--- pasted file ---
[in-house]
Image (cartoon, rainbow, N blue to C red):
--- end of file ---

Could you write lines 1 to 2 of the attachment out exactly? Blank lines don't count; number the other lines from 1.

[in-house]
Image (cartoon, rainbow, N blue to C red):